What makes my job easy is that most human beings have neither the desire nor the ability to react physically in real time to a physical threat. Nor do they have the ability to react mentally, which frankly makes my job pleasing. The ability to help thin the shallow end of the gene pool is at once my privilege and my gift to humanity.

Make no mistake, it is not the “bad” people who walk among us who are watering down the human race. It isn’t the man or woman who made millions or billions of dollars in illegal or legal activities. What’s making us less viable than a truly advanced species—say, cockroaches—is the vast majority of “normal” people who are seemingly unable to truly learn, which is to process, absorb and apply information quickly and decisively.

When I weakened a few years ago and mentioned to a friend, who is similarly blessed, that I often wish I were ignorant—that life would be much easier if I were ignorant—he said something that turned my life around: “But don’t you understand, Charlie, that we are the fortunate ones?”

So don’t feel bad for the targets described in this book. If you must feel an emotion at all, be happy. With each target that I or others remove, the human race is improved a little.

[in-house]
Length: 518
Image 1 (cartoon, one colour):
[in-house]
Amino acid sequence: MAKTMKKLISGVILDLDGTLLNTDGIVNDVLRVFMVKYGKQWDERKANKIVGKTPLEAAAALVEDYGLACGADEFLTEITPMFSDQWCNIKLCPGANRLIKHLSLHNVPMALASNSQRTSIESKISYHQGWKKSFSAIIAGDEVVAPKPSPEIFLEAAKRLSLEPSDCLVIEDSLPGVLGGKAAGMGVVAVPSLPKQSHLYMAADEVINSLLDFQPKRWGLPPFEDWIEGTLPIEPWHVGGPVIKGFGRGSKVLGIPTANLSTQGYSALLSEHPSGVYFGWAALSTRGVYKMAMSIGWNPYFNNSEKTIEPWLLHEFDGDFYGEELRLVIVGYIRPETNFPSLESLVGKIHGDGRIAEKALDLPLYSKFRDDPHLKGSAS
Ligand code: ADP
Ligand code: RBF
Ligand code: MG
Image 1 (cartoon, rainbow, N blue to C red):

But I digress.


I’d been with the organization for eight months when I came to learn that James—the large gentleman who minds the door at Blackwell Ops and whose physical appearance I altered the last time I saw him—was none other than James Earl Blackwell, the slightly younger brother of the boss.

Apparently my rearranging James’ appearance was both a success and a failure. It succeeded in getting me out of the building without being harmed, but apparently it failed as a final test of my abilities for Mr. Blackwell.

And it led to me learning that he had little regard for my word.

I was between assignments for Blackwell Ops and relaxing in my penthouse apartment on the Upper East Side when I received a message on the device Mr. Blackwell had given me during the second part of my interview.

The device itself resembles a very small smart phone. I think of it as a tricked-out pager. It has only an On button, a slightly larger Send button, which is a misnomer, and a small screen that will hold maybe 8 or 9 lines of text. But the communication is strictly one-way. You can’t really “send” anything other than acknowledgement that you’ve received the message and accepted the mission. And you must press the Send button within five minutes of their having sent it, so it’s important to keep the thing close.

I turned off the television, picked up the pager from the table next to my recliner and hit the On button.

For security reasons, messages—which is to say assignments—always came via VaporStream, a very reliable service that leaves no trace of metadata. Once you’ve read the message on the pager and pressed the Send button to acknowledge your receipt and acceptance, the message disappears. Everywhere. Forever. Hence “vapor” stream.